A lovely piece on the old “Illness as Metaphor” theme — among other things, it criticizes a kind of narrative prosthesis and the whole “social pathology” rhetoric. “And the body is not miraculous or brave, even though it does so many things you think it shouldn’t be able to. And the body is not just like yours even though there are overlaps in desire and function. Sameness is not a prerequisite for solidarity. And you should care about it even if you have made conscious attempts to ignore our bodies, to look away, to avoid hospitals and the smell of home care. And you shouldn’t need an apology because the body is not wrong.”
All three parts of David Mitchell and Sharon Snyder’s mid-90s documentary Vital Signs: Crip Culture Talks Back are now on youtube! I think this might be useful to those of you writing about mobilizing anger as an alternative to pity. Some content warnings: 1) There’s a scene where protesters appropriate a religious symbol — a student once told me that offended him. 2) There’s a couple of monologues by a naked Irish woman. 3) Because of the time and the location (an academic conference), the participants are overwhelmingly white, college-educated, and visibly disabled. There are more recent documentaries with more diversity.
Hey, I mentioned to the 3002 class on 12 Sept. that Foucault was relevant to the idea of finding the historical roots of things we might otherwise think universal or natural or divinely ordained. Here’s some background — in his 1977 introduction to the English translation of Foucault’s very first book, Mental Illness and Psychology, Hubert Dreyfus writes
The best way to see that things might be otherwise is to see that they once
were and in some areas of life still are otherwise, and to see as well how
we developed our present narrow view. Thus, following Nietzsche, Foucault sees his work as a genealogy, written to help us derealize, and so move beyond, the suffocating understanding of reality that has gradually emerged in the history of the West. Foucault does not think, any more than Nietzsche did, that such genealogy will provide an instant cure, enabling the genealogist to step outside himself and his culture. Historical therapy nonetheless loosens the grip of our current understanding of reality by letting us see how we got where we are and the cost of our current understanding. Without stepping out of history or seeking a philosophical grounding for objective truth-claims, genealogy can show us the accidental status of our sense of who we are, and it can sensitize us to practices still alive in our culture that have not been taken up onto the reigning understanding of being.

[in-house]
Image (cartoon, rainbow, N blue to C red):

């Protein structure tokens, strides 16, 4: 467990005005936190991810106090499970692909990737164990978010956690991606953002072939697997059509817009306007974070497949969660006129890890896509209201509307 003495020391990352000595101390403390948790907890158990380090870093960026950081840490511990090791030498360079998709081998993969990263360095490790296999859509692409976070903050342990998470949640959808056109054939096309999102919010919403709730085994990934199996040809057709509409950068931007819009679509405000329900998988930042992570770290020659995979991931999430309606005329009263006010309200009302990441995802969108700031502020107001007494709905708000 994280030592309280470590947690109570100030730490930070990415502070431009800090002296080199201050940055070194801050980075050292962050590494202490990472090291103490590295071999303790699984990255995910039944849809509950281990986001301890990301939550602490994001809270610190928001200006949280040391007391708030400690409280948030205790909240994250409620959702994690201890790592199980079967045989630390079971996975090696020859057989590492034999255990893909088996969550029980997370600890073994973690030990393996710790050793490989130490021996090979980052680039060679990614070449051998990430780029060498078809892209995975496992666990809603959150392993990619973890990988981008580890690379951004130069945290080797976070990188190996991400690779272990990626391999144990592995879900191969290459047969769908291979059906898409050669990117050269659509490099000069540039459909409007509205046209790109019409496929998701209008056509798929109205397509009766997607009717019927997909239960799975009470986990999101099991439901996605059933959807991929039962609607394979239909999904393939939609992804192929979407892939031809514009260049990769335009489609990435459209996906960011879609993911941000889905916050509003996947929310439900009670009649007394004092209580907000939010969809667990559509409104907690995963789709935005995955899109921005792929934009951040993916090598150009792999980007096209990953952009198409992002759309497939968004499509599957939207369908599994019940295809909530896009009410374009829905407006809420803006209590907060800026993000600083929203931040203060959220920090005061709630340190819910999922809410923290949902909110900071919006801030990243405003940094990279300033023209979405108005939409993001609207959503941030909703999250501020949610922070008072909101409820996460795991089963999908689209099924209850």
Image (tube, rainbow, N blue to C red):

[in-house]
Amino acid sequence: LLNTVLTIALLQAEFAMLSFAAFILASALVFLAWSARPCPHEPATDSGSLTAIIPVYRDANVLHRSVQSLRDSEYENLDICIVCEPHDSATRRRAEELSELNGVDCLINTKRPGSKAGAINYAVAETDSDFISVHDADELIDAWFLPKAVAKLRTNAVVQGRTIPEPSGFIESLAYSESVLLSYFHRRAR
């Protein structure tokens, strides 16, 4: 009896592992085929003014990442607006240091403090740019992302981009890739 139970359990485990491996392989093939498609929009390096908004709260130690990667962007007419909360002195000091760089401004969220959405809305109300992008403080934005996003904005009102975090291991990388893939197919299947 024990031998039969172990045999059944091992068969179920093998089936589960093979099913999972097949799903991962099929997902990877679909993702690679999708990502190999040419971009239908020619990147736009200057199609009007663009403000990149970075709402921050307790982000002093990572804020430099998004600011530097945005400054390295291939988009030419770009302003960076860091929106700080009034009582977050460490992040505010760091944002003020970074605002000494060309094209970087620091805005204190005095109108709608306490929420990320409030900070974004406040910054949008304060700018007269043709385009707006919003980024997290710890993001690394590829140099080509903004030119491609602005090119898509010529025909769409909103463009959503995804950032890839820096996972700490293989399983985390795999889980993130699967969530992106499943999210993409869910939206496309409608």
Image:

Foucault’s early interest in the relation of madness and medicine never left
him. Indeed, one can think of later Foucault as practicing genealogical therapy on the madness of modernity. He is trying to historicize, and so help dissolve, the closed, normalized view we have of ourselves as hermeneutic subjects in order to ready us for the possibility of a new interpretation of the human self that could take up currently marginalized practices, thus opening up our world rather than shutting it down.
What I find interesting is how that was Really Radical in U.S. philosophy and history at that time. It was hard to conceive of a philosopher challenging things that “everybody knew” had always been that way — the idea of looking for and undermining commonplace assumptions about cultures was utterly foreign in many academic settings.
I’m devoting this post to blogs by autistic writers. Some write chiefly about autism, some about a wider range of disabilities. Contrary to the stereotype of autistic people as robotic and literal, many of these writers use sarcasm and irony to express their frustration with injustice and disrespect and erasure and dishonesty.
Rachel Cohen-Rottenberg’s Disability and Representation is worthwhile for the links in the right-hand column alone. But she has many good posts about . . . well, disability and representation. Some of them controversial, as when she criticized a Guinness commercial.
Melanie Yergeau is a young autistic professor in Michigan who analyzes things.
Ibby Grace of Tiny Grace Notes is an autistic Christian educator whose posts offer a good mix of the personal and the more general.
Amanda Baggs has all kinds of disabilities and does great analyses of power. She has a separate blog for cat pictures. If you scroll down far enough, you’ll see references to her struggle when hospitalized recently to persuade medical personnel that yes, she really did want a life-saving procedure and did not think she’d be happier dead. There’s also a great “Why Institutions are Bad” post somewhere in her archive.
Julia Bascom has some passionate pieces about being oppressed and then finding a community with which to resist. Also criticizes Glee fans.
Lydia Brown is a Georgetown student trying to make that elite school notice